Crowdsourcing is a new approach to performing tasks, where a group of volunteers distributed worldwide are substituted for an expert. Recent results show that crowdsourcing is an efficient tool for annotating large datasets. One of the most successful citizen science projects is Geo-Wiki, the main goal of which is to improve a global land cover map using crowdsourcing techniques. Note that labels collected from the crowd can be of a low quality, as volunteers are often non-experts and may be unreliable. That is why advanced methods for integrating annotations are necessary for increasing the reliability of estimates.
Analysis of data received from non-experts is a challenging task that requires a systems approach. The research thus included analysis of all main steps of any crowdsourcing campaigns: preparation of images for validation, task assignment, and aggregation of collected votes. During the research we used methods of computer vision and machine learning. All numerical experiments and hypotheses testing were based on an actual dataset from the Geo-Wiki project.
i) We proposed strategies for the preparation of a dataset of images for effective crowdsourcing campaigns in the future. The strategies were applied to existing datasets and were shown to be effective; ii) Methods were proposed for solving problems of inconsistency in volunteers’ votes. Analysis of methods was based on numerical experiments; iii) The original Geo-Wiki algorithm of image distribution among volunteers was studied. Drawbacks were analyzed in detail. We suggested and tested possible improvements to the algorithm; iv) New ways were found of constructing a dataset for experts to obtain information on the reality on the ground. Different approaches were proposed and compared; v) A machine learning algorithm for aggregation of volunteers’ votes was used. The algorithm showed a higher accuracy than a majority-voting heuristic algorithm.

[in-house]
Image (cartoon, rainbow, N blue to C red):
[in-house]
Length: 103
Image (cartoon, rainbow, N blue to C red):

Crowdsourcing is a new and powerful tool. Unfortunately, it is inadequately studied. We thus used and elaborated systems analysis methods in this developing field. The research allowed empirical knowledge to be obtained for development of new policies for organizing crowdsourcing campaigns and other citizen science projects. In contrast to other researches we performed numerical assessment using real-life data (not a synthetic dataset) containing results from the Geo-Wiki crowdsourcing project. We also provided new tools for an emerging field: global land cover maps.
Dmitry Shchepashchenko, Ecosystems Services and Management Program, IIASA
Artem Baklanov, Advanced Systems Analysis Program, IIASA
Oleg Nurmukhametov, of the Ural Federal University, Russia, is a citizen of Russia. He was funded by the Russian Trust Fund and worked in the Advanced Systems Analysis Program during the YSSP.
Please note these Proceedings have received limited or no review from supervisors and IIASA program directors, and the views and results expressed therein do not necessarily represent IIASA, its National Member Organizations, or other organizations supporting the work.
Last edited: 03 February 2016
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